House of Representatives Passes Bipartisan Water Resources Bill
Arlington, VA | June 07, 2018
The House of Representatives on Wednesday passed by 408-2 the bipartisan Water Resources Development Act (WRDA) of 2018, which guides the conservation, restoration and development of U.S. rivers, coastlines, harbors and waterways.
“House approval of this bill is an important step forward for policy change that will benefit the environment and the public safety of communities across the country,” said Lynn Scarlett, co-chief external affairs officer for The Nature Conservancy. “However, this bill could be improved if lawmakers add a measure that expedites the use of nature-based solutions to our nation’s water resources challenges. Nature is often our most effective line of defense against floods and storms.”
The Nature Conservancy emphasized its support for policies and projects in the bill that would restore important ecosystems and make progress toward increasing the use of natural infrastructure.
“We appreciate the leadership of Reps. Mark Sanford (R-S.C.) and John Garamendi (D-Calif.), who championed provisions concerning nature-based solutions and community resilience against floods, respectively,” Scarlett said. “And we are grateful to Reps. Bill Shuster (R-Pa.), Garret Graves (R-La.), Peter DeFazio (D-Ore.) and Grace Napolitano (D-Calif.) for their bipartisan leadership of the Transportation and Infrastructure Committee and for producing a bill on schedule that will address these critical issues.”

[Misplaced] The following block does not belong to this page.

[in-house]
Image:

The Nature Conservancy voiced its support for the following specific policies and projects:
• A provision directing the Army Corps of Engineers to consider realigning levees to enhance disaster preparedness. Setting levees farther back from the water will allow rivers to flow more naturally, resulting in reduced flood risk, less frequent repairs and new floodplain habitat.
• A measure initiating a U.S. Government Accountability Office study of how the Army Corps considers nature-based solutions when analyzing the feasibility of certain projects. The study also will identify challenges to advancing natural infrastructure and make recommendations for improvement.
• Authorization of a study to address the feasibility and prioritization of habitat restoration projects in the lower Mississippi River basin, which covers Missouri, Kentucky, Arkansas, Tennessee, Louisiana and Mississippi.
• Modification of the authorization of an existing feasibility study focused on ecosystem restoration in central Missouri’s Meramec River. The modification expands the study beyond the lower river basin to also include the upper basin.
The Nature Conservancy is a global conservation organization dedicated to conserving the lands and waters on which all life depends. Guided by science, we create innovative, on-the-ground solutions to our world's toughest challenges so that nature and people can thrive together. We are tackling climate change, conserving lands, waters and oceans at an unprecedented scale, providing food and water sustainably and helping make cities more sustainable. Working in 72 countries, we use a collaborative approach that engages local communities, governments, the private sector, and other partners. To learn more, visit www.nature.org or follow @nature_press on Twitter.